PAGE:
Episode: 112 "The Missing Links of Moorshire!" 5/19/18
Starring: Scrooge McDuck, Dewey Duck, Huey Duck, Launchpad McQuack, Flintheart Glomgold, Louie Duck, and Webby Vanderquack
Featuring: Bramble and Briar
Setting: Moorshire, Scottland
Plot: During a golf tournament, Scrooge and company are transported from Scotland to a magical, yet dangerous, realm
Walt Disney built his empire on creating both art and experiences that are generationally inclusive. He valued (and monetized!) the idea of young and old participating in activities together as opposed to each of them going off and doing their own thing.* Ever since moving into McDuck Manor, Scrooge has made it a point to include his nephews in everyday pursuits as mundane as taking the kids to a day at the office or as fantastic as oversea adventures tangling with ancient gods. In keeping with this pattern, Scrooge brings his family all the way to Scotland to watch him compete in the Duckburg Billionaires’ Club Classic. In the midst of being transported to a “mystical fairy realm” of sparkly ponies** and deadly mist, Dewey’s surprising knack for the game leads him and Scrooge down a winding and fraught path that takes them from tutelage, to competition and jealousy, and, finally, all the way to pride and acceptance. Also, Dewey’s unquestioned and recent rise to prominence provides an opportunity to check in with the triplet’s distinct roles in the show thus far.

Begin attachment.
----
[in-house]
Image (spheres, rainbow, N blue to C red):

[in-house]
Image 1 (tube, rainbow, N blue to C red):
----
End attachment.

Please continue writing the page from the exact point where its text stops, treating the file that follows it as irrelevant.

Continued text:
Scrooge bringing the family to Scotland for the annual Duckburg Billionaires’ Club Classic may seem like an altruistic gesture of family bonding and travel but evidence suggests he may have ulterior motives. Dewey jumps at the “chance to learn the sport (their) family invented from the greatest player who ever lived.” But Does Scrooge truly and selflessly want to pass down the family tradition or, does he merely want to court an audience in showcasing his peerless skill and expertise? It’s not a clear cut “yes” or “no” answer but Scrooge’s ego definitely bogs down whatever good intentions he initially had. When Dewey first exhibits his natural talent for golf, Scrooge is not only impressed, but thrilled to share his passion with his nephew. Things quickly turn though when the “brash young upstart (becomes) destined to surpass his aging mentor.” Scrooge wants to chalk up his teeth-gritting bemusement to simply valuing “experience over raw talent” but it’s really his own insecurities that cause him to lash out. Instead of an avuncular drive to nurture potential, Scrooge is straight-up jealous. Dewey doesn’t have much tolerance for Scrooge’s petulance either and ends up quitting the match. However, once all their lives are in danger due to the impending and quickly approaching stone-transforming*** mists-of-death, cooler heads prevail with Scrooge literally and figuratively elevating Dewey to hit the shot that saves the day and wins the priceless Druid’s Cup for “best golfer in every realm of reality.” Scrooge realizes the error of his ways and graciously invites Dewey to participate in next year's invitational to offer him with some real competition but he declines in lieu of continuing to play with his uncle just for fun.